I can order books to be shipped in to my library from another, I can find reference images for just about anything, and I can meet like minded people from all over the world. All of these things are possible because of the internet.

Do you use Photoshop or Painter with your illustrations?

I’m a Photoshop fanatic. Once I scan in illustrations, I can spend hours on Photoshop just tweaking this and that (I’ve also been known to need a timer…it always surprises me how quickly time passes while I’m adjusting layers). Procreate is also super fun.

Do you own or have you used a Graphic Drawing Tablet when illustrating?

I was gifted (well, after tons of research and lots of hints at what the “right” gift would be) a Huion graphics display drawing tablet (where you can use a pen to draw on the monitor…somewhat of an affordable Wacom, but not touchscreen). I have never been happier. It makes editing drawings feel so intuitive. If you’re looking for a tablet, drop me a line. I mean it when I say “tons of research.”

Do you have any career dreams that you want to fulfill?

As I mentioned earlier, I would love to write AND illustrate. I think the part of children’s books that has always drawn me in is the sense of viewing the world through another’s eyes. And there are characters in my head that want to get out and show the world how they see things.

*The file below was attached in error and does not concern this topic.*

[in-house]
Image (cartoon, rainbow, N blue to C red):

What are you working on now?

I am currently finishing up edits on Mac and Cheese and the Personal Space Invader, written by Jolene Gutiérrez. You can pre-order your copy at It will be out in early 2020!  I’m also working on another picture book that is still in its early stages.

Do you have any material type tips you can share with us? Example: Paint or paper that you love – the best place to buy – a new product that you’ve tried – A how to tip, etc.

I really love our local Artist & Craftsman Supply in KC. Every time I walk in, it’s like a giant candy store…of art supplies. To this day, I’ve never been able to walk out without a big handful of new things.

Mechanical pencils are one of my favorite drawing utensils. I love the sharp lines they can achieve and I’ve found even the dollar store ones fit my need.

As far as papers go, I’m on my third round of Canson 140lb watercolor paper. It’s been my favorite so far—one side is more textured than the other, so the choice is yours! And the 12”x18” is the perfect size for my work.